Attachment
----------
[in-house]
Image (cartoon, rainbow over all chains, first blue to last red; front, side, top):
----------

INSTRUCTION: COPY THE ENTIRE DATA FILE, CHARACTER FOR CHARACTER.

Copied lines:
[in-house]
Image (cartoon, rainbow over all chains, first blue to last red; front, side, top):